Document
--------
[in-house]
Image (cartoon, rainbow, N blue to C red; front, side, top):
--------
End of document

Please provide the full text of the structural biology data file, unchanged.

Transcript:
[in-house]
Image (cartoon, rainbow, N blue to C red; front, side, top):